Roy Wood Jr. Would Have Stayed With ‘The Daily Show’ If Hasan Minhaj Got the Job

It’s tough to walk away from ‘the best job in comedy’
Roy Wood Jr. Would Have Stayed With ‘The Daily Show’ If Hasan Minhaj Got the Job

Hasan Minhaj had The Daily Show job — that is, until the New Yorker piece came out, Roy Wood Jr. told Mike Birbiglia on the Working It Out podcast. Birbiglia joked that Wood was the guy who planted the story so that he could get the job. Not so, laughed Wood, but the profile “was literally why everything fell apart.”

That jibes with Matt Belloni’s reporting back in October, which stated that Minhaj and his reps believed they had a closed deal with Paramount Global to take over The Daily Show. “Not a signed deal, but he was the choice, they’d closed on all the financial details pre-strike, and only the papering remained,” Belloni wrote. “In fact, Minhaj would have been announced as the new TDS host this summer had the strike not intervened. Instead, both sides sat on the announcement, and then… disaster.”

“As far as it was told to me, Hasan was the guy. It was gonna be Hasan,” Wood said, with Birbiglia confirming that he’d heard the same thing. Had his old coworker landed the job, Wood says he likely would have stayed on The Daily Show, at least at the beginning of the Minhaj era. "Okay, cool, so I’ll hang out here the rest of the year, and we’ll see what Hasan wants to do, what his vision is, whether I fit in that.”

When no hosting decision was made (until recently), Wood decided to move on. After all, “I’m still trying to sell my own sitcoms. There’s other s*** I want to do,” he confessed. But The Daily Show is a hard gig to walk away from. “It’s as Ronnie Chang puts it, and I quote, ‘the best job in comedy.’”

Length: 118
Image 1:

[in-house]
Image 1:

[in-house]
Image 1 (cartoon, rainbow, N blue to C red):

For what it’s worth, Wood ranks Saturday Night Live as the second-best comedy gig. Birbiglia asked if he meant Weekend Update. “Any job at 30 Rock. Any job on that floor,” Wood responded. “When I say ‘best job in comedy,’ I’m talking about what you learn while you’re there, the people that have graduated from those places, and the level of longevity that you could have within that building if you just do the job right.” 

As for the New Yorker story (“a bit of a hit piece,” in Birbiglia’s opinion), Wood had some issues. “As I said to (Minhaj), they flipped over his standup comedy and looked at the nutrition facts,” he said, “and tried to decide whether or not it had the right percentage of this or that.”

Once Minhaj was out, Wood had to make a decision about his future and Comedy Central wasn’t helping. “The question was, what's gonna be the process now? Like, I'm sure you gotta figure out who's on your list. And they couldn’t, in my opinion, articulate adequately enough for me what that process would be and whether or not I fit into that process.”

That “who’s the host?” process was still ongoing when Wood recorded the conversation in January, which makes his decision to walk away all the more understandable. How long was Wood supposed to wait in limbo? He expressed his displeasure at the Emmy Awards, mouthing “Please hire a host” from the stage as The Daily Show took home its prize. 

As of this week, the show finally has a host in place. At least on Mondays.


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